Arizona Air Quality Information

Phoenix AQ History: Dust Storm Causes Hazardous Air Quality

Out of all the calendar days in 2018, August 2 sticks out like a sore thumb. First of all, this day was one of only three days in 2018 on which ozone, PM10 (dust), and PM2.5 (fine particulates) exceeded the federal health standard.

The Valley saw its highest PM10 levels of the year on August 2, 2018, because of a powerful dust storm from the south (see time lapse). PM10 levels topped out at an AQI of 399 (Hazardous category) in Apache Junction. Three monitors in Maricopa County saw PM10 reach the Unhealthy AQI category.

Phoenix also saw its highest ozone levels of the year, with maximum ozone levels reaching an Air Quality Index (AQI) of 161 (Unhealthy category). In fact, ozone exceeded the standard at 20 monitors in Maricopa County. To view the air quality summary for all monitors across the state from August 2, 2018, click HERE.

Fortunately, the Valley hasn't seen such an extraordinary air quality day this year yet. And it's possible that the Valley won't see one. Sure, we still have time to see high ozone levels. After all, ozone is currently forecast to exceed the health standard every day today (August 2) through at least Tuesday (August 6). However, the potential for seeing a dust storm like last August 2 appears to be small. The reason for this? Rain!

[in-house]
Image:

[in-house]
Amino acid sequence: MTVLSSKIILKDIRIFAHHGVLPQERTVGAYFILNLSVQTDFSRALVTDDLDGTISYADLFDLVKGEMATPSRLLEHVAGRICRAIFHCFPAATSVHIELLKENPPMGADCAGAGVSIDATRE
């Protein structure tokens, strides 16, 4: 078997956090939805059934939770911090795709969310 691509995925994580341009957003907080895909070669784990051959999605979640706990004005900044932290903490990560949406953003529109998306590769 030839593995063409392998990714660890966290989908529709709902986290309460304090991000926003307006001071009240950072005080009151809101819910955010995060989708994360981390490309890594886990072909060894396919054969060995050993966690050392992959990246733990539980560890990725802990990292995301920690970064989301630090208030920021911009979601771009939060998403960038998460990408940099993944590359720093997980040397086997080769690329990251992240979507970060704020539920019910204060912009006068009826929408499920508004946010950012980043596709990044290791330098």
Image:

[View Current Air Quality Forecast]

In late July, the southern deserts received widespread rainfall from monsoonal thunderstorms (see picture). The rain helped to stabilize soils and thus, reduce the potential for dust. Though the deserts can still dry out under hot temperatures, and though dust storms are still possible this monsoon season, recent rain is expected to prevent a dust storm like we saw last August 2.

In all, this just goes to show that no monsoon season is the same.